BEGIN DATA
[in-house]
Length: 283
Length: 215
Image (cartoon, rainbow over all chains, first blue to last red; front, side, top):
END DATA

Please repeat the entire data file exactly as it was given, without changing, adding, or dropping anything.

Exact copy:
[in-house]
Length: 283
Length: 215
Image (cartoon, rainbow over all chains, first blue to last red; front, side, top):